The Emperor used to travel sumptuously when he moved about from city to city, in a sedan chair ablaze with gold and emeralds. At convenient intervals he had rest houses erected along the principal roads. To this day they are known as tambos. They occurred most frequently on the royal highway that runs from Quito to Cuzco, and the remains of some may yet be seen.

The Royal palaces were magnificently constructed of stone, or porphyry, to withstand the convulsions of Nature to which this territory is subject. On the internal walls were carved all manner of figures, birds, beasts, flowers, and so forth, ornamented with precious stones.

One is enabled to form some idea of the scope of these ancient buildings by viewing the remains of the old palace of Callo, in Colombia. They form a square, each side measuring thirty yards and more. Eight rooms, or divisions, are still traceable, and four doorways, similar to those met with in Egypt. Perhaps they would be better described as gates. In each wall are several niches.

The favourite residence of the Incas was, however, situated at Yucay fifty miles distant from Cuzco, in a lovely valley, sheltered by the mountains and Sierras.

Wise men were deputed to look after the welfare of the heir to the throne, and it was their duty to see he was instructed in the art of kingship. His school companions were the sons of Inca nobles, each of whom was of the blood royal. A fringe of vicuña wool, bound round his forehead, distinguished the Prince from his young companions.

The Incas had an Order something akin to our ancient Order of Knighthood. When they had attained the age of sixteen years, the pupils of the military school were called upon to publicly prove their proficiency in wrestling, boxing, and running, to fast for days on end, and finally to take part in a series of sham fights that extended over thirty days. At the conclusion, those candidates deemed worthy were presented to the Emperor, who pierced their ears with a golden bodkin. One of the highest nobles in the land then anointed the candidate’s feet, bound on the distinctive footwear of the Order, and placed the sash in position round the loins.

When an Inca died, his entrails were deposited in the temple of Tampo, twenty-five miles from Cuzco. The body was embalmed and placed in the Temple of the Sun. Often gold and silver and costly jewels were buried in the tomb; and sometimes the royal concubines sacrificed their lives, to show their sense of loss.

The Inca territory was divided into three portions, one for the Sun, one for the reigning monarch, and one for the people.

Every man was required to marry at a certain age. He was then given so much land. Annually this grant was revised according as his family had increased or diminished. For each child an additional portion was granted, a boy being entitled to twice as much as a girl. All the common people had to work on the land. First they had to cultivate what belonged to the Sun; next that of the sick, the widows’ and orphans’ portions and those belonging to soldiers engaged on service. When these tasks had been accomplished, they were at liberty to attend to their own land, and, so that they should not idle over that, they had last of all to put the Inca’s land into proper fettle. The flocks of llamas were allocated in the same way. Only the males were killed, and grievous penalties attached to the killing of any female llama.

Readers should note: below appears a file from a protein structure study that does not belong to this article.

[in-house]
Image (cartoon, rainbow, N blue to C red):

Every year the llamas were sheared; the clip was stored in public buildings, and distributed to each family according to their need. The womenfolk were instructed in the art of spinning and weaving. To-day the self-same methods are in vogue with the Indians of Peru and Bolivia.

All the mines were considered to belong to the reigning monarch, and were worked for his benefit, by skilled miners, who laboured in shifts. Out of the revenue accruing from this source the Inca furnished relief to the sick and poor all over his dominions.

Inventories were taken at frequent intervals in each district, of the various natural products, likewise a register of births and deaths. Copies were periodically forwarded to Cuzco.

Gambling and rash speculation were discouraged. Theft, adultery, and murder were punished by death, and rebellions were drastically repressed.

Under the enlightened rule of the Incas the people of Peru prospered exceedingly, and were content for a period of 500 years. Then the great Huayna Capac died. He was succeeded by his eldest son Huascar. Five years elapsed, and then Atahualpa, Huascar’s youngest brother, quarrelled with him and tried to wrest the kingdom from his hands. His initial enterprise proved a failure. His adherents were defeated, and he, himself, cast into prison at Tomebamba. Escaping thence he gathered round him a considerable body of men, and gave battle to his brother about sixty miles from the mighty Chimborazo mountain. Victory on this occasion rested with his arms, and again subsequently at Cuzco, where the final, decisive battle of the Civil War took place.